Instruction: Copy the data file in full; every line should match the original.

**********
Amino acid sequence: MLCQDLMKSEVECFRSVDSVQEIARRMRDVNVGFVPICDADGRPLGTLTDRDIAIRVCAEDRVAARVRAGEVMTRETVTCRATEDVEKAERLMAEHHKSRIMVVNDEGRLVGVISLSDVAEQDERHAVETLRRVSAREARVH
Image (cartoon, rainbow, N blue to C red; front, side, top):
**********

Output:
Amino acid sequence: MLCQDLMKSEVECFRSVDSVQEIARRMRDVNVGFVPICDADGRPLGTLTDRDIAIRVCAEDRVAARVRAGEVMTRETVTCRATEDVEKAERLMAEHHKSRIMVVNDEGRLVGVISLSDVAEQDERHAVETLRRVSAREARVH
Image (cartoon, rainbow, N blue to C red; front, side, top):